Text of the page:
Theresa May has dismissed the will of the people even with over 1m Final Say signatures – don’t let her

The only unity Theresa May has delivered is between Leavers and Remainers, united in seeing her plan as a rotten deal

Alastair Campbell
Monday 03 December 2018 11:17
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More than 700,000 protesters march on Westminster calling for a Final Say on Brexit deal

Theresa May likes to dismiss the People’s Vote campaign as “the politicians’ vote”. If only. The campaign for a referendum on the outcome of the Brexit negotiations has been waged with the support of few MPs and, for most of the journey, strong opposition by both government and opposition frontbenches.

It is politician power, not least the power of the prime minister herself, that is ensuring the government is – for now – holding firm against any idea that the public should have another say. She may believe in a second vote if her deal is defeated in the Commons next Tuesday, but she doesn’t believe in them for the people who have to live with the consequences. But people power is steadily asserting itself. What seemed impossible not long ago is fast developing a sense of inevitability.

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It is people power that has taken the support for a new referendum from a standing start not many months ago, to now being the most popular route out of the Brexit mess in which the country finds itself, and The Independent’s Final Say petition is a powerful expression of that people power.

It is people power, not least the clear views of Labour members and supporters, many of whom have signed The Independent’s petition, that has shifted the opposition to a place where the leadership seems to be edging closer to the People’s Vote option.

In these clicktivist days, it is not hard to organise a petition, and there are plenty of them constantly doing the rounds. But very few attract the kind of response that this one did. Might it be that the will of the people is that the will of the people is tested again? When more than a million readers of a newspaper like The Independent think so strongly to put pen to paper, you have to think so.

Ah, go the Brextremists and government ministers alike, but the people have spoken. They spoke on 23 June 2016, and they said they wanted out. Indeed they did. But a lot has happened since then. We know more. We know about the lies and the unicorns and some of the alleged crimes. We know of the circles that cannot be squared. We also have a real deal, not a theoretical one, that can be debated, assessed, voted on.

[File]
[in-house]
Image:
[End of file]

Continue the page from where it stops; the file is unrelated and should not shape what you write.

That deal is so damaging, and so different to the Brexit that was promised by the Leave campaign, and to the Brexit that was offered by May when she was pandering to the hard-right and promising the undeliverable. Far from it being anti-democratic to take Brexit back to the people, it is frankly anti-democratic not to.

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The prime minister says that her deal allows the country to unite and move on. It doesn’t, because it is a blind Brexit. It fails on her promise to deliver clarity about future trade arrangements alongside the divorce bill. The only unity she has delivered is between Leavers and Remainers, united in seeing it as a rotten deal. For Leavers, it is not Brexit, and surrenders control when the promise was to take it back. Remainers, given the hit on the economy and on our standing in the world, ask “what is the point?” How can it be right to insist this is the only deal possible, when both sides of the divide see it as unworkable and wrong?

May cannot unite her cabinet, with ministers already plotting for what happens when the deal is voted down. Parliament has reached an impasse. Now that we the people know so much more than we did, we the people should be asked if we still want to go ahead.

Yes, it will be divisive and difficult. There are no easy ways out of this mess. But the people who gave the government the task of negotiating Brexit should have the Final Say on whether this is what they meant, and whether it’s what they want. If not, they should be entitled to say that we should stay, especially now we know for a fact, courtesy of the government itself, that all versions of Brexit leave us worse off.

Alastair Campbell is an advisor to the People’s Vote campaign

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